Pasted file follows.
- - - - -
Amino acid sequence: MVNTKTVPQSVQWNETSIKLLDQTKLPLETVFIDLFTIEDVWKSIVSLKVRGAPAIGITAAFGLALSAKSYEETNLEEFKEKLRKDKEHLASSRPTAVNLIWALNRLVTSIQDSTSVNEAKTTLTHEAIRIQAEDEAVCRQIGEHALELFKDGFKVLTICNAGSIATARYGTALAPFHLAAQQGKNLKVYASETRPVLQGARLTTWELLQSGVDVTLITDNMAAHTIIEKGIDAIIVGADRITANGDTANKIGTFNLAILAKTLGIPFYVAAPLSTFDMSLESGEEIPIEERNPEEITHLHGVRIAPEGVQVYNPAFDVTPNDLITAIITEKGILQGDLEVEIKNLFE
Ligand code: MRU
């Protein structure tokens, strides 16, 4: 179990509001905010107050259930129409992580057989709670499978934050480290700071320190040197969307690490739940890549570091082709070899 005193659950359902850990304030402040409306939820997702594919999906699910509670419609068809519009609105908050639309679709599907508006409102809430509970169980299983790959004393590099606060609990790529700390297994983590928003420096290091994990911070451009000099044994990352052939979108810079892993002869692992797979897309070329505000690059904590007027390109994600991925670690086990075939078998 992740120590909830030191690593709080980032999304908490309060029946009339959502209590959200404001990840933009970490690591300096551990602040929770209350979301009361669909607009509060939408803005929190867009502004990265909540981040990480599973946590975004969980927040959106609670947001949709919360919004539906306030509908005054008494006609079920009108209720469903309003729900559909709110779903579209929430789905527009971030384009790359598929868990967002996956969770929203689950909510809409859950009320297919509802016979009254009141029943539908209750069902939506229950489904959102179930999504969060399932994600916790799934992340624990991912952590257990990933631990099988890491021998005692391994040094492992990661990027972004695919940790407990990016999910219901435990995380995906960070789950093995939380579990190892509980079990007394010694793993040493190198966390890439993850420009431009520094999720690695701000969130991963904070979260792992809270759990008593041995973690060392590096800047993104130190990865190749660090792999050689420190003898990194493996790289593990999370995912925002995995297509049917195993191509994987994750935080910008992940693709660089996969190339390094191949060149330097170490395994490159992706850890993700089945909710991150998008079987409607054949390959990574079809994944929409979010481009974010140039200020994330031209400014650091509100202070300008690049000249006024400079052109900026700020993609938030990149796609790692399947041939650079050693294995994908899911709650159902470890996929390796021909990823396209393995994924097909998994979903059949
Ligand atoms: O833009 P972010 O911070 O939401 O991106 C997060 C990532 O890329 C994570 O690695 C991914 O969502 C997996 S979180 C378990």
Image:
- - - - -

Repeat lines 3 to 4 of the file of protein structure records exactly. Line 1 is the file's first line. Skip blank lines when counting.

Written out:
């Protein structure tokens, strides 16, 4: 179990509001905010107050259930129409992580057989709670499978934050480290700071320190040197969307690490739940890549570091082709070899 005193659950359902850990304030402040409306939820997702594919999906699910509670419609068809519009609105908050639309679709599907508006409102809430509970169980299983790959004393590099606060609990790529700390297994983590928003420096290091994990911070451009000099044994990352052939979108810079892993002869692992797979897309070329505000690059904590007027390109994600991925670690086990075939078998 992740120590909830030191690593709080980032999304908490309060029946009339959502209590959200404001990840933009970490690591300096551990602040929770209350979301009361669909607009509060939408803005929190867009502004990265909540981040990480599973946590975004969980927040959106609670947001949709919360919004539906306030509908005054008494006609079920009108209720469903309003729900559909709110779903579209929430789905527009971030384009790359598929868990967002996956969770929203689950909510809409859950009320297919509802016979009254009141029943539908209750069902939506229950489904959102179930999504969060399932994600916790799934992340624990991912952590257990990933631990099988890491021998005692391994040094492992990661990027972004695919940790407990990016999910219901435990995380995906960070789950093995939380579990190892509980079990007394010694793993040493190198966390890439993850420009431009520094999720690695701000969130991963904070979260792992809270759990008593041995973690060392590096800047993104130190990865190749660090792999050689420190003898990194493996790289593990999370995912925002995995297509049917195993191509994987994750935080910008992940693709660089996969190339390094191949060149330097170490395994490159992706850890993700089945909710991150998008079987409607054949390959990574079809994944929409979010481009974010140039200020994330031209400014650091509100202070300008690049000249006024400079052109900026700020993609938030990149796609790692399947041939650079050693294995994908899911709650159902470890996929390796021909990823396209393995994924097909998994979903059949
Ligand atoms: O833009 P972010 O911070 O939401 O991106 C997060 C990532 O890329 C994570 O690695 C991914 O969502 C997996 S979180 C378990």